Ars Electronica 1990
Festival-Program 1990
Back to:
Festival 1979-2007


JOHANNES KEPLER'S "HARMONY OF SPHERES" from today's (musical) point of view

'Rolf Maedel Rolf Maedel

More than 11 years ago I lectured on the above topic at the Institute for Basic Musical Research of Salzburg "Mozarteum" Academy of Music.

In addition to the following description I presented a tape recording of the anacoustical transposition of the planets' proportions. With the help of Ing. Hanel we succeeded in realizing both a static "average" model and a dynamic model of the eccentric orbital data. We transferred the 9 planets known into today's instrumental pitch range of approximately 7 octaves. One period (i.e. one revolution of Pluto of appx. 249 years) was completed in four minutes. Both sound level and timbre remained out of consideration (A tape of this recording can be found at the Institute) Almost one year later, an American LP (YALE/IBM, LP 1571) was published, covering the sounds of only those 6 planets known around 1600, adding the other three (UR, NE, PL) as rhythmical pulses. The period was equal to one side of the LP, which was of advantage for the perception of sound details, but did not favor the overall impression.

Generally, however, the total impression on the listener is similar (This LP, too, is available at the Institute).
What Kepler himself might have said about the recordings made almost 400 years later, may be expressed in the following quotation from "Harmonices Mundi":

"So, all these celestial movements are nothing but an eternal wonderful polyphonic song, understandable only spiritually, not through sounds and walking over disharmonies of tension as if it were sliding over SYNCOPATIONES or CADENTIAS as Man imitates in the natural sequence of harmonies. It leads to certain prescribed CLAUSULAS and defines the six links of its chains and through their notes the limitlessness of time without bias.

And now it is not further strange that Man—as always trying to imitate the wonderful works of his Creator—at last has invented the polyphonic song, unknown to our ancestors. For now he is able to playfully reproduce the eternity of the Worlds` duration in the short moment of an hour through an artfully interwoven composition of several voices, and to feel his Lord's delight, the Creator's delight in his works, when in a wonderfully lovely play of the senses an imitation of the godly tonal structure passes by."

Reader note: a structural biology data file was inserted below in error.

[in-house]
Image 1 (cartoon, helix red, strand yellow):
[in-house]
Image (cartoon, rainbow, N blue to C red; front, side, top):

And further:
"There may result the harmonic consonances of two asters each, maybe not at the limit points of their motion, but in an intermediary area …For, as (e.g.) SA moves from G to H and even higher, JU from h to d and further., so between JU and SA may result such harmonies as define the octave, the third, or the fourth …"
(Follow MA and ME, the latter—for its cycle of only three months—being able to form all harmonies with all planets). "ER and VE, on the other hand, limit these possibilities of consonance" (Lack in Harmony!).
"But should at last three planes unite for a sound of three, one has to calculate in many more relations (MA, ER, ME).—"Consonances of four will sound afew in centuries., and of five one in 10,000 years. But that all 6 (planets) unite in harmony, is an event hiding in the eternal distance of time," (cf. tables No. 3 and 5).
Now, the idea of a "Harmony of Spheres" has been conveyed to us since the time of the ancient Greeks (in 300 B.C., Aristarchos closed a development from Phololaos via Heraklitos, a development that should be taken up again only around 1500 A.D. by Kopernikus).

But it was Kepler who concentrated on the old teachings about the "Celestial Harmoniies"; for him they were the basic principle of all his research and—practically as a by-result—lead to those three laws, without which our present understanding of the world would not exist. From the volume V of "Hamonices Mundi" (completed in Linz in 1618), 1 will later on quote Kepler's preface to the decisive tables—written after having dismissed many faulty approaches (for 17 years): All proportions quoted have been calculated in CENT*. But before, some of Kepler"s values for earlier recordings: